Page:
Every buyer has some idea of their dream home. Perhaps it’s a modern and minimalist structure that looks like it’s freshly arrived from the future. Maybe it’s a castle, or a thatched Devon cottage. Or maybe it’s a terraced home with character, great neighbours and enough room for the entire family.
No matter which of these constitute a perfect home you’ll need to plan, and research, and you’ll perhaps need a little luck to have the finance and life situation to snap up your dream home. Here are five ways to make it happen:
And save hard, because the more you can raise as a deposit the lower the LTV (loan to value) ratio will be, and the more likely you are to get that mortgage offer for the fantastic home. Giving yourself the option of looking at several homes, all within your price range, might be a wise move. Even if you manage to get a fabulous property cheaper than you thought and there’s some deposit left over, this can be put towards decoration or new gadgets and upholstery for the home.
Alternatively look for help; schemes such as the Help to Buy Equity Loan, which means that the Government lends up to 20% of the total cost, have been enthusiastically supported across the country.
Buy a new build
You may feel frustrated and disheartened if you can’t find your dream property, but don’t despair. There’s always another option and one frequently attractive to buyers is a new build. The advantage of buying new is exactly that – you’ll be moving into a property that hasn’t been lived in before, and everything will be in top-notch condition. There’s no modernisation required, no outdated decor to overhaul, but a fresh, blank canvas for you to make your own.
Not only that, but some property developers will allow buyers to choose from a range of kitchen styles, carpets and other furnishings, and also add extra touches – like spotlights in an en-suite bathroom, for example. There’s usually significant interest in new builds when they’re marketed but it’s possible to stay ahead of the competition by learning of upcoming developments as soon as they’re underway – current new houses are listed on the WhatHouse website.
Know exactly what you want, and what’s negotiable
You might want a ten-bedroomed mansion and 100 acres of land in Kensington, but without firing out £20m your dream will remain just that. Instead, try to be more realistic about the aspects of the property that would be absolutely essential and those that are just nice.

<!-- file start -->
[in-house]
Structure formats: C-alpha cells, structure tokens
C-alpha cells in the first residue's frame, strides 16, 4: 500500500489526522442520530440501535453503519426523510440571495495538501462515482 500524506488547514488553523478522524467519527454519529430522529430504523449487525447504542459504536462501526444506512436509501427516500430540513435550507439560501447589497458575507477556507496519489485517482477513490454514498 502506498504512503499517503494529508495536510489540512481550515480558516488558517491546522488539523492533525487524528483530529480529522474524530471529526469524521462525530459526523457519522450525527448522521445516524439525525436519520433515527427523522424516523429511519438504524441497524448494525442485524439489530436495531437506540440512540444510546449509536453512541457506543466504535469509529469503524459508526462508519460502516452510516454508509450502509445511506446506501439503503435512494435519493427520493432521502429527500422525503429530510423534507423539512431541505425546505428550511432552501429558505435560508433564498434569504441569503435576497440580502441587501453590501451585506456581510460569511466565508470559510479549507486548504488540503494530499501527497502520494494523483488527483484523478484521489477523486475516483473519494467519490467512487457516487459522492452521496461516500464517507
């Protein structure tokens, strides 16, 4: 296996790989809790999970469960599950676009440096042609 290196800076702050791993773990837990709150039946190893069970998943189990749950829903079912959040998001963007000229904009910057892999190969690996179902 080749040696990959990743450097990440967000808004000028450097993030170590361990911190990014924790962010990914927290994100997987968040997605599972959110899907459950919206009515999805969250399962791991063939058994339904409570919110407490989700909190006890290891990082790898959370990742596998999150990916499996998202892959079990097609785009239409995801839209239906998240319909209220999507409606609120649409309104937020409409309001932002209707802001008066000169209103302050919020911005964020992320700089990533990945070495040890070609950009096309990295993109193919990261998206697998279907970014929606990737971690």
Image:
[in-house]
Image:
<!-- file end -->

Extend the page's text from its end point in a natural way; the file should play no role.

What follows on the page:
Presumably you want to stay in the property for a long period or forever, so there are a number of aspects to consider.
If you’re single it will be tough, but by no means impossible. If you’re buying as a couple, think about room numbers with respect to the family later expanding and then 20 or so years down the line shrinking again. Do you need bedrooms, or size, or both? The more clarity of thought you possess, the more laser-like your searches will be and the sooner you’ll be picking up the keys.
‘Working’ estate agents
Although expensive, the high street estate agent can still play a part in securing your dream home, as old fashioned as it may seem. They know the area and will know the properties that have just come onto the market before they’ve been officially listed. Therefore, getting to know agents as people, submitting a list of desirable or essential factors from your next potential home, and letting them inform you in the future if anything appropriate arises.
Once they do, find out as much as you can about why the owners are moving, and how popular they believe the property will be, before considering your next move.
Don’t just think of the present
Here’s something to consider; if what looks like a home that’s 75% of the way to being perfect could actually reach the top spot with work in the future. Can you expand the property in any direction with extensions or a summer house?Can you renovate it or knock a wall out to make some rooms bigger? Can you buy adjacent land? Where are the nearest shops and amenities?
There might also be factors that are out of your control, such as new developments, roads and shopping centres that could be built nearby to make the value fluctuate in the future – do your research, which includes keeping abreast of news and local gossip. If you can see evidence of multiple building sites, then the area might be viewed as one with promise – and could be worth investment.